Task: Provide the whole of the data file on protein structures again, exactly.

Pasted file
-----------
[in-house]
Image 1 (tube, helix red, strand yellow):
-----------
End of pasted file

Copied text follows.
[in-house]
Image 1 (tube, helix red, strand yellow):